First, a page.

Browsing named entities in Comte de Paris, History of the Civil War in America. Vol. 4. (ed. Henry Coppee , LL.D.). You can also browse the collection for Dahlgren or search for Dahlgren in all documents.

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Comte de Paris, History of the Civil War in America. Vol. 4. (ed. Henry Coppee , LL.D.), Book III:—the Third winter. (search)
among the different stations in his command; Dahlgren's first care had been, on the contrary, to reand more formidable adversaries. At noon Admiral Dahlgren had arrived with five monitors, the armor on the fleet to silence that fire. In fact, Dahlgren, true to the design that he had formed on relening, Gillmore had an understanding with Admiral Dahlgren to commence the next morning the bombardmthat had burst he was obliged to apply to Admiral Dahlgren, who hastened to loan the needed guns. T support of the formidable artillery of which Dahlgren and he had the control to reduce Fort Wagner ruction of Fort Sumter, hoping thus to decide Dahlgren to clear the pass. The admiral, in fact, croove in, and the ruin was complete. Therefore Dahlgren announced for the morrow his entrance into thjust been constructed in the North. At last, Dahlgren acknowledged that he was waiting for the arrind two guns. Almost the entire squadron of Dahlgren being concentrated before Charleston, a few w[10 more...]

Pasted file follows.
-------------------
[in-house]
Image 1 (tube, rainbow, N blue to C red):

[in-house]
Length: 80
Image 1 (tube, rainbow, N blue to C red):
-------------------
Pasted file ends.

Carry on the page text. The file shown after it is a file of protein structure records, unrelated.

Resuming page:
Comte de Paris, History of the Civil War in America. Vol. 4. (ed. Henry Coppee , LL.D.), Book IV:—the war in the South-West. (search)
concern of the Government at Washington, instead of applying itself to a concentration of its forces, seemed to be, as we have seen, to scatter them for the sake of multiplying the posts occupied in the enemy's territory, while General Halleck, far from combating this fatal tendency, was the first to share it. So it was decided to employ Gillmore's troops without making them leave his department. As early as the 23d of December he had been asked to attend to this matter in concert with Admiral Dahlgren. As he made no haste to reply, the President prevailed upon him on January 13th to devote a part of his forces to the re-establishment of the Federal power in Florida, where he believed a goodly number of Unionists to be. Whether it was that his message travelled fast or that Gillmore anticipated the President's desires, he wrote to him on the 14th a proposition for an expedition into the interior of Florida. With every latitude allowed him to direct and organize it, he embarked on Fe